31 August 2011

i need a dollar


In more ways than one.  But that's not the point; it's a song.  Apologies in advance if you are in the know on the latest music but here is a pretty chill tune that has been on repeat in my car for the last couple of days that I thought I would share.


Although he was born in the U.S., 'Aloe Blacc' has been a hit in the U.K. for some time now. It seems as though his popularity in the U.S. is fairly recent (meaning Canada will likely catch on closer to 2014 if you know what I mean).

A good tune to sit in the sun on a summer evening with a vodka peach iced tea.  Or to mull over how broke you are and how much you wish you could afford that trip to Hawaii this winter.


30 August 2011

yet another project


As if I don't already have enough on the go, this weekend I am tearing out this entire backyard garden (except for the sword fern, lilac tree, rhododendron, and boxwood).



I will be transplanting the existing eucalyptus, hostas, peonies, and carex grasses and then picking up some new plants to create a much more harmonious landscape with some Asian influences and a muted color scheme.  It is definitely a challenge in creating a new garden space from scratch; knowing the different perennial blooming times so that there is a continuous rotation of interest is what I'm finding to be the most difficult aspect. I am in a bit of rush to get this all done before the end of September so that the plants have some time to develop a good root system before the winter.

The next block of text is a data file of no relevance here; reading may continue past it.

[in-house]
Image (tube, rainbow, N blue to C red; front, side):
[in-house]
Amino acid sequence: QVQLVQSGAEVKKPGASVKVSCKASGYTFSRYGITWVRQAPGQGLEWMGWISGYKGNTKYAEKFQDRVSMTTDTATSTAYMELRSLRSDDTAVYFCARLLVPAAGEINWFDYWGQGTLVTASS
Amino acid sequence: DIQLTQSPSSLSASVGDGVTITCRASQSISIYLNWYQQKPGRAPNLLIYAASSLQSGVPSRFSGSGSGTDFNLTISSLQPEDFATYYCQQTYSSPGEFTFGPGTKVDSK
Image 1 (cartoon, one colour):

The previous owner had a jumble of overgrown plants including holly, periwinkle ground cover, and plenty of evergreen shrubs which weren't too interesting to look at year-round.

I'm going to start fresh with a Fatsia japonica to ground the space as an evergreen with large tropical-looking leaves.  I already have two of these in different areas on the property and I like the idea of repetition to create a more streamlined atmosphere.   


Then I'm thinking of putting in another Japanese favorite, Imperata cylindrica "bloodgrass".  I already confessed my love for this grass in this post.



I love the size and elegant feel of Zantedeschia...



I was given an Acer palmatum "Emperor" as a housewarming gift a few years back, and I'd like to move it from its temporary spot to a better focal point...



A Western Sword Fern, which is thriving in this area already...



I love the massive blooms of Hydrangea aborescens, and the fact that it generally blooms all the way from June to September...


There are hundreds and hundreds of daylily cultivars, but I am drawn to the deep purple of "Serena Dark Horse"...


These daylilies are early bloomers, so for a late-bloomer I'd also like to scatter a few dahlias throughout...



Sedum 'Autumn Joy' has great year-round interest, with the pink flower heads forming in July, slowly turning to red in August and then a deep rusty color in the fall.


And of course a few hostas as some groundcover, maybe some Nandina to provide more year-round structure, some tulips for early spring color, and a variety of summer annuals to fill in any bare spots.